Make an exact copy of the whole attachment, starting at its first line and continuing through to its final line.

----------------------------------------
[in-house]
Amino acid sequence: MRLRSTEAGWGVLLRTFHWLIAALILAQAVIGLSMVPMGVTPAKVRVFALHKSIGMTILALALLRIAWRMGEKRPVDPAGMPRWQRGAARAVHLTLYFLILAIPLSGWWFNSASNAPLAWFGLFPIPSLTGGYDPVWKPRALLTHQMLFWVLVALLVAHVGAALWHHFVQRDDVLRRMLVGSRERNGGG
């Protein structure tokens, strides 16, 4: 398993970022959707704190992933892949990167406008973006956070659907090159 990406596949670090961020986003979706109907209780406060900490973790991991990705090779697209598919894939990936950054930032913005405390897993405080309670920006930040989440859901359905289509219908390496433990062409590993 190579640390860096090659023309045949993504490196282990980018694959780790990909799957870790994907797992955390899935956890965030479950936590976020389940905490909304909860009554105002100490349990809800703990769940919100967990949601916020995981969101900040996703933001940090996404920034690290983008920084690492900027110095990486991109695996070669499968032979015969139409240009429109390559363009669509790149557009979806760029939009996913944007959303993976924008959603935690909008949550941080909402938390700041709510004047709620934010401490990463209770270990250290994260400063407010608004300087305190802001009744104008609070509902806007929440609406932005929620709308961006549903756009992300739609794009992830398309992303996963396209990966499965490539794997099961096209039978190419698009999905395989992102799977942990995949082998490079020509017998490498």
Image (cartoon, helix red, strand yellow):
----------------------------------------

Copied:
[in-house]
Amino acid sequence: MRLRSTEAGWGVLLRTFHWLIAALILAQAVIGLSMVPMGVTPAKVRVFALHKSIGMTILALALLRIAWRMGEKRPVDPAGMPRWQRGAARAVHLTLYFLILAIPLSGWWFNSASNAPLAWFGLFPIPSLTGGYDPVWKPRALLTHQMLFWVLVALLVAHVGAALWHHFVQRDDVLRRMLVGSRERNGGG
């Protein structure tokens, strides 16, 4: 398993970022959707704190992933892949990167406008973006956070659907090159 990406596949670090961020986003979706109907209780406060900490973790991991990705090779697209598919894939990936950054930032913005405390897993405080309670920006930040989440859901359905289509219908390496433990062409590993 190579640390860096090659023309045949993504490196282990980018694959780790990909799957870790994907797992955390899935956890965030479950936590976020389940905490909304909860009554105002100490349990809800703990769940919100967990949601916020995981969101900040996703933001940090996404920034690290983008920084690492900027110095990486991109695996070669499968032979015969139409240009429109390559363009669509790149557009979806760029939009996913944007959303993976924008959603935690909008949550941080909402938390700041709510004047709620934010401490990463209770270990250290994260400063407010608004300087305190802001009744104008609070509902806007929440609406932005929620709308961006549903756009992300739609794009992830398309992303996963396209990966499965490539794997099961096209039978190419698009999905395989992102799977942990995949082998490079020509017998490498």
Image (cartoon, helix red, strand yellow):